(Received 24 September 1971; accepted 23 August 1972)
| ||Format||Pages||Price|| |
|7||$25||  ADD TO CART|
The failure to provide adequate treatment for persons committed to mental institutions has recently received considerable attention. The doctrine of “the right to treatment” has been judicially expressed in the now famous Rouse v. Cameron decision (373F 2d 451), (D.C. Cir., 1966). Rouse was sent to St. Elizabeth Hospital in the District of Columbia after he was found not guilty of a crime by reason of insanity. Three years later he sought release stating that he was not receiving adequate treatment to which he was entitled. The District of Columbia Court of Appeals stated that the possibility of ”indefinite commitment without treatment of one who has been found not criminally responsible may be so inhuman as to be cruel and unusual punishment.” A great deal of legal literature has been devoted to this issue.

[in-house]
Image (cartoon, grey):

Associate Professor of Psychiatry, Associate Professor of Law, Wayne State University, Detroit, Mich.
Stock #: JFS10009J